In order to increase the profile of thoracic surgery within the European Union and elsewhere in Europe, further harmonisation in practice and organisation is necessary. This relates not only to training in thoracic surgery, but also to certification of dedicated thoracic surgical units.
Unified databases, to which the majority of thoracic surgeons contribute, should be made available, detailing not only mortality but also specific outcome measures related to morbidity, survival and quality of life. Postgraduate education remains essential to ensure high-quality surgical interventions, as has recently been demonstrated by a study from the Netherlands evaluating completeness of lymph node dissection in dedicated thoracic surgical centres. Thoracic surgeons should be further involved in randomised clinical trials comparing newly introduced treatment modalities, such as stereotactic radiotherapy or radiofrequency ablation, to classical surgical procedures.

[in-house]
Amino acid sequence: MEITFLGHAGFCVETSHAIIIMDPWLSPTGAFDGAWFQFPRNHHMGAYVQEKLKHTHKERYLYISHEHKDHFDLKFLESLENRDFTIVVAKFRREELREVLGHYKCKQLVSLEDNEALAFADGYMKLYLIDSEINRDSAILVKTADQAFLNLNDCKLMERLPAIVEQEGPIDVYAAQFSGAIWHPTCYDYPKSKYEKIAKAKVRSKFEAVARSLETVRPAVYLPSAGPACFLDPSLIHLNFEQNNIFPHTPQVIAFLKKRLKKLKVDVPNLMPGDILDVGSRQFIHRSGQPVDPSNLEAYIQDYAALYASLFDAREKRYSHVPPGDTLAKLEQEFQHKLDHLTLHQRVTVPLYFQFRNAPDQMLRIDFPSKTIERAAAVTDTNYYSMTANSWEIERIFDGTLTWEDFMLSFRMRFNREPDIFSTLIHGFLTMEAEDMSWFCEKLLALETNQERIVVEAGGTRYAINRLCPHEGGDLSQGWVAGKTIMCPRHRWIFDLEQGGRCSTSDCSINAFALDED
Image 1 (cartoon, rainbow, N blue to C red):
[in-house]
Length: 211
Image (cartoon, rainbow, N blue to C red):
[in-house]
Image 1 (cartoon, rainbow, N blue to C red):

As their field is constantly changing, thoracic surgeons should be prepared to adapt to a new environment bringing not only new challenges but also opportunities to further develop and refine this fascinating specialty.
To further stimulate progress in general thoracic surgery, cooperation with respiratory physicians is of utmost importance to improve the outcome for patients. The structure of the European Respiratory Society provides a solid basis for mutual interactions and exchange of knowledge between the different groups of respiratory medicine and general thoracic surgery. Better patient care will be the ultimate result.